GEORGE Page 2
Friday, August 21, 2015 05:48:29 PM
All pictures in thumbnails
first grant of land was 470 acres in Snugborough Park now known as Beverly
Hills. The next 300 acres he was given was at Oatley. His last land grant was 40
acres at south of Hurstville.
remembered him with naming the suburb and parks in his memory. He was buried on
his farm near King Georges Road Beverly Hills near the intersection of Pallamana
Parade and Ponyara Street Beverly Hills.
The roads were
terrible and so Forest Road was eventually built. Captain John Townson's sold to
Lord Simeon whom in 1829 purchased Kingsgrove. The St George area although
close to Sydney was inaccessible, as there was no bridge over the Cook's River.
Many of the
streets in Hurstville
are named after the original inhabitants and their children. Dora, MacMahon,
Timothy, Beatrice, Patrick, Moore, to name a few. His Dalcassia estate
went from Dora, MacMahon, to Stoney Creek Road. This took place around 1884. The
Hurstville Historical Society have laid a foundation stone outside the Council
Chambers in Mac Mahon Street Hurstville.
arrived in 1854 on the "Caroline " and he married Dora McDonagh 1857.
Hurst, is a
small grove of trees, or wooded hill, which this district was commonly known for
its forests. Ville, is a settlement or a group of houses.
first public school was establish in 1876 and still stands in the same spot
today in Forest Road, Hurstville. In 1916 the first Technical classes for older
students began. 1916 saw the first Junior Technical College opened and this was
used by a wide area of students.
The St George
area boasts of some of the most incredible sports people, with the likes of Jack
Brabham, Ken Rosewall, Eddie Charlton, Brian Booth, Ray Lindwall, Bill O'Reilly
Don Bradman got some of his greatest scores here.
sporting grounds were Chappelow's paddock now the site of the old brickworks in
Hurstville.. Hurstville oval was opened September 23 1911. This oval is the one
of the most outstanding fields in Australia. True credit must be given to
the groundsmen of Hurstville Council for the fine upkeep of this attraction
In 1908 St
George produces a district Rugby club. The St George Ruby Union club was
commenced in 1908 in St Joseph's at Arncliffe. Although Marist Bros is also
named in several sources that is where it began. The first settlers in St George
were Shell gatherers Charcoal Burners, Timber-getters. Their homes were mainly
shanties and their spare time was trying to buy grog from the sly grog shops,
and then drinking it.
Timber was the
booming industry in this area and was used for the roof shingles the houses,
furniture, fencing and ballast for the ships to return to England. Bulli was
being mined for coal and the only way to Sydney was the shipping industry and as
there were no wharves in the area this was extremely difficult to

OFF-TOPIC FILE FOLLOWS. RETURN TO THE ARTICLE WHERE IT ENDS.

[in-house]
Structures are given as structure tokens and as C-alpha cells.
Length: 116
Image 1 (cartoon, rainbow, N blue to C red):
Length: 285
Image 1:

transport. It took a further 20 years for the haggling to stop to get some
action...some things don't change do there. Where is our next International
Airport going to be???
solved many problems with colony and brought increased land values along the
route. The first trains were powered by steam. Electrification was introduced to
the citizens of the St George district in 1926.
Bexley Hurstville joined up to give us the St George County Council,
Australia's first. 1980 it was taken over by the Sydney County Council, but not
without an almighty struggle against it.
Memorial Forest Road Hurstville with the Railway behind.
the 22nd October 1840 the firtst train arrived at Hurstville. At that time the
population was 153, I guess it seemed like the back of Bourke. Thank goodness
for the railway as it has made it what it is today. 140,000 people pass through
the station each day, (October 2004)
Our first power
was given to the residents in 1923 on the 9th March. Local Government commenced
for Hurstville on the 28 March 1887. George Leeder was the first Town Clerk,
with Alexander Milsop as our First Mayor. Their first major project was the punt
to be built at Lugarno, at the grand cost of $2000.00 and the State tossed in
$50.00 a mile... wow..
enjoyed by the residents were the St George Observer and St George
Advocate in 1890. 1911 the Hurstville Propeller followed by the St
George Express. Funnily enough some are still in production today. Our wonderful
St George Leader is the best in the Country. I say that with no
hesitation. The awards bestowed upon them prove it.
became more official, organised Publican Licences were issued to Thomas Kelsey, in 1850. He owned the Man of Kent, and there today in Kingsgrove Road and Morris
St, near Kingsgrove Public School there lies the stone still visible verifying
its presence of its past existence.
Post Hotel 1925
in a weathered board building opposite Hurstville Public School. This was also
the first polling place for the first Council's election in 1887.
1880 the first bus service was introduced from Hurstville to Newtown, owned by
Daniel Tracy, later on Charles Fripp ran it. Up till then the only way thought
was through Enfield. Sir Thomas Mitchell was given the task of providing better
roads over the Cook's River at Tempe to Lugarno, Heathcote and down to
Bulli. Now we know of this as Forest Road.
1884 the Illawarra Railway Line came to Hurstville and then it became the
fastest growing populated areas bringing with prosperity. Alfred Gannon Michael
Gannon's son welcomed the train into Hurstville. Local
population was 6,533.
I have found some old
pictures of Hurstville Westfield
5. 6. 7.